The Taliban will be defeated in Afghanistan although cross-border movement of militants is continuing, Defense Secretary Donald H. Rumsfeld said Tuesday.
Rumsfeld also called on Europe to provide a “master plan” to Afghanistan to help curb its massive drug trade, which has seen heroin flood Europe and Russia.
At a joint news conference with Afghan President Hamid Karzai, Rumsfeld said militants “don’t want to see a country like Afghanistan have a successful democracy. They won’t succeed.”
Groups of Taliban have infiltrated large parts of the Afghan south and east this year and unleashed their most bloody wave of bombings, ambushes and raids.
The violence, nearly five years after the Taliban were ousted, has taken the government and its Western backers by surprise and raised concern for the NATO peacekeeping mission that is due to take over in the south.
Open border a concern
Rumsfeld, who arrived unannounced in the Afghan capital, also said regional cooperation with Afghanistan’s neighbors to stop Taliban and al-Qaida movements entering this country “has been helpful, but it has not reduced cross-border” activity.
Rumsfeld did not single out any particular country for criticism, but said dealings between the U.S. military and Afghanistan with neighboring Pakistan has improved and is ongoing.
Many Afghans accuse Pakistan of not doing enough to stop militants using its territory as a base to stage attacks inside Afghanistan. Pakistan denies such claims and says it has deployed 90,000 troops to its side of the border to stamp out pro-Taliban militants operating there.
In the latest fighting on Tuesday, U.S.-led forces and Afghan troops killed about 30 militants in a notoriously volatile district of the southern province of Helmand.
“Early this morning, a joint Afghan-coalition raid resulted in the death of an estimated 30 extremist fighters,” said a spokeswoman for the U.S.-led force, Lieutenant Tamara Lawrence.
Coalition and Afghan troops suffered no casualties in the operation in the Sangin district, she said, adding that one helicopter made a hard landing and had to be destroyed.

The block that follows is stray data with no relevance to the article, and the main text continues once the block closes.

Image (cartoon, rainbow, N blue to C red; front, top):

Drug trade worries
On Afghanistan’s massive opium trade, Rumsfeld said the drug’s spread was a “danger” not just for Afghanistan but for Europe where opium smuggled out of this country is in wide use.
“It seems to me that it is important for them (Europe) to recognize that it is a lot cheaper ... for them to assist the Afghan government in providing master over-all plan for dealing with the counter-narcotic effort,” Rumsfeld.
Afghanistan produces more than 90 percent of the world’s opium and heroin supply. Many of the drugs are thought to be smuggled through Iran and Pakistan to Europe and elsewhere.
Despite the international community pumping hundreds of millions of dollars into anti-drug campaigns, opium production is increasing across the country, particularly in southern Taliban hotbeds, where the militant group is believed to benefit from income generated from the illicit trade.
Rumsfeld’s remarks at a news conference came hours after the top U.S. commander in Afghanistan said the rise of Taliban resistance in southern Afghanistan reflects the weakness of the government more than a strengthening of the fundamentalist movement that once sheltered Osama bin Laden.
“The areas that the Taliban is operating in are areas that the government of Afghanistan has not heretofore had the strength and had the presence,” Lt. Gen. Karl Eikenberry told reporters before boarding a plane to fly here with Rumsfeld from Dushanbe, Tajikistan.
Rumsfeld had said previously that he is concerned that the large-scale drug trafficking in Afghanistan is helping fuel the Taliban’s comeback, but has also has expressed confidence that NATO, with U.S. participation, is capable of handling the violence while mainly U.S. troops hunt down al-Qaida fighters and look for bin Laden.
Taliban more organized
Eikenberry said the Taliban are operating in areas where a weak government has created a security vacuum.
“It’s not a question of the enemy being strong,” he added. “It’s very much a question in many instances of the institutions of the state of Afghanistan still moving slowly to stand up in governance and Afghan national security forces. But we very much have the momentum.”
Eikenberry said the Taliban has been able to assert itself, particularly in the south. “The Taliban is more organized than they were last year and they have more fighters in certain areas,” he said.
Eikenberry would not discuss any plans to increase or decrease U.S. troop levels, which now stand at about 23,000. Last December, on his most recent previous visit to Kabul, Rumsfeld announced that U.S. troop levels would drop from 19,000 at that time to 16,000 by this summer.
In remarks to reporters in Tajikistan before flying here, Rumsfeld welcomed an expanded role by the North Atlantic Treaty Organization in Afghanistan, but also expressed worry about drug trafficking.
In coming weeks, NATO is set to take over command of the international security forces in the south from the U.S.-led coalition, although U.S. troops will remain. Canadian, British and Dutch troops are deploying in the region.
Before arriving in Afghanistan, Rumsfeld had told reporters that “Western Europe ought to have an enormous interest in the success in Afghanistan, and it’s going to take a lot more effort on their part for the Karzai government to be successful.”
Rumsfeld told reporters that the Pentagon has no interest in setting up more permanent bases in Central Asia, but he noted that other basing arrangements are needed to support military activities in Afghanistan.